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Events on Thursday, October 15th, 2020

Cosmology Journal Club
Time: 12:00 pm
Abstract: Cosmology Journal Club is back! We will be having virtual meetings this semester.

Each week, we start with a couple scheduled 15 minute talks about one's research, or an arXiv paper. The last 30 minutes will typically be open to the group for anyone to discuss an arXiv paper.

All are welcome and all fields of cosmology are appropriate.

Contact Ross Cawthon, cawthon@wisc, for more information.

Zoom info
Meeting ID: 93592708053, passcode: cmbadger

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NPAC (Nuclear/Particle/Astro/Cosmo) Forum
Lepton flavor violating Higgs boson decays
Time: 3:00 pm
Place: Zoom:
Speaker: Prasanna Siddireddy, University of Notre Dame
Host: Sridhara Dasu
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Astronomy Colloquium
` JWST status as of 2020, and some of its first Science Programs: Time Domain Science, Cluster Lensing \& Caustic Transits ''
Time: 3:30 pm
Place: Zoom meeting(see Abstract ) Coffee and tea 3:30pm, Talk 3:45 PM
Speaker: Rogier Windhorst, Regents' and Foundation Professor, JWST Interdisciplinary Scientist, Arizona State
Abstract: In this talk, I will give the 2020 summary of the 6.5 meter James Webb Space Telescope (JWST), the near--mid-IR sequel to both Hubble and Spitzer. All hardware has been built, and is in the final stages of testing for its launch scheduled in October 2021. Next, I will review some of the early science that JWST plans do starting in 2022, inspired by Hubble Wide Field Camera 3.

JWST can do unique time domain science to 29 mag in the North Ecliptic Pole (NEP)Time-Domain Field (TDF) located in JWST's (and HST's) northern Continuous Viewing Zone: a unique clean region devoid of bright foreground stars with low Galactic extinction. JWST can observe most targets for 2x2 months per year, including the well known HST and Spitzer deep fields, but can observe the NEP TDF at all times, so that NIRISS parallel grism spectra will always cover NIRCam 0.8-5 micron images 180 days later. Since 2016, the JWST TDF has been observed from space and the ground, from hard X-rays to long wavelength radio. The NEP TDF will search for and monitor high redshift transients: SNe at z>5, weak Active Galactic Nuclei, Galactic brown dwarf atmospheres, and provide proper motions of nearby brown dwarfs, low-mass stars, and ultracool white dwarfs to 29 mag, and perhaps some Inner Oort Cloud Objects.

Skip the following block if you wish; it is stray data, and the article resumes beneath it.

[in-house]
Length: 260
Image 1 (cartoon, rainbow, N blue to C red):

The search for first galaxies at redshifts z=9-11 (cosmic age ~0.5 billion yrs) in Hubble's Deep Fields has shown what combination of area, depth, and wavelength coverage is needed for JWST to detect a sufficient number of First Light objects. Since the Schechter luminosity function likely drops rapidly in amplitude atz>7-8, gravitational lensing by the best rich foreground galaxy clusters is essential to maximize the number of First Light objects (z ~ 7-17) detected with JWST. To address the observability of objects in the First Light epoch, I willuse panchromatic Extragalactic Background Light to to constrain the integrated near-IR surface brightness (SB) that may come from Population III stars and their stellar-mass black hole (BHs) accretion disks.

The physical properties of zero-metallicity Pop III stars from MESA stellar evolution models through helium depletion, and BH accretion disk models at z>7 provide an estimate of the number of caustic transits behind lensing clusters that JWST may detect for both these objects. Typical caustic magnifications can be 10^4-10^5x, with rise times of hours and decline times of z~<0.5 year for cluster transverse velocities of v_T<~1000 km/s. Microlensing by intracluster-medium objects can modify transit magnifications, but lengthen visibility times. To observe Pop III caustic transits directly with JWST may require monitoring 3-30 lensing clusters to AB<29 mag for <5-10 years.

Zoom Meeting information:

Meeting ID: 817 5005 5728
Passcode: 000018
Host: Professor Amy Barger UW Astronomy
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